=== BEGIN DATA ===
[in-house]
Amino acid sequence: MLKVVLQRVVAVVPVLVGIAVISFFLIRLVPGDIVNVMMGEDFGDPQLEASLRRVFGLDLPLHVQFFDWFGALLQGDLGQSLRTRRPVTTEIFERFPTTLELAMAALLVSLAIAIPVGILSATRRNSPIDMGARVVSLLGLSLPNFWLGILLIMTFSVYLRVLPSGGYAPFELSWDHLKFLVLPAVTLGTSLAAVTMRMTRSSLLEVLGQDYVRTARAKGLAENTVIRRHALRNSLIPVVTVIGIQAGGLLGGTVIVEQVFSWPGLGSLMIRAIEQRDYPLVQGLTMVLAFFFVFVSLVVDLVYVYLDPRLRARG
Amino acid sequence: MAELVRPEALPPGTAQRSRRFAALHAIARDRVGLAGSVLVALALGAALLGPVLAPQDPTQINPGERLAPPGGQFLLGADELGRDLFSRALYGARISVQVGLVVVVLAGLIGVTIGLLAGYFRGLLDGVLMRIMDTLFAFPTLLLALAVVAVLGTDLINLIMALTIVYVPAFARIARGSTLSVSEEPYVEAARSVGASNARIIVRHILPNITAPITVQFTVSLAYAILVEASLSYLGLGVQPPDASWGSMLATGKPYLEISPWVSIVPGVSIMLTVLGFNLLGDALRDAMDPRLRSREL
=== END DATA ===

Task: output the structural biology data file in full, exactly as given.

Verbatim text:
[in-house]
Amino acid sequence: MLKVVLQRVVAVVPVLVGIAVISFFLIRLVPGDIVNVMMGEDFGDPQLEASLRRVFGLDLPLHVQFFDWFGALLQGDLGQSLRTRRPVTTEIFERFPTTLELAMAALLVSLAIAIPVGILSATRRNSPIDMGARVVSLLGLSLPNFWLGILLIMTFSVYLRVLPSGGYAPFELSWDHLKFLVLPAVTLGTSLAAVTMRMTRSSLLEVLGQDYVRTARAKGLAENTVIRRHALRNSLIPVVTVIGIQAGGLLGGTVIVEQVFSWPGLGSLMIRAIEQRDYPLVQGLTMVLAFFFVFVSLVVDLVYVYLDPRLRARG
Amino acid sequence: MAELVRPEALPPGTAQRSRRFAALHAIARDRVGLAGSVLVALALGAALLGPVLAPQDPTQINPGERLAPPGGQFLLGADELGRDLFSRALYGARISVQVGLVVVVLAGLIGVTIGLLAGYFRGLLDGVLMRIMDTLFAFPTLLLALAVVAVLGTDLINLIMALTIVYVPAFARIARGSTLSVSEEPYVEAARSVGASNARIIVRHILPNITAPITVQFTVSLAYAILVEASLSYLGLGVQPPDASWGSMLATGKPYLEISPWVSIVPGVSIMLTVLGFNLLGDALRDAMDPRLRSREL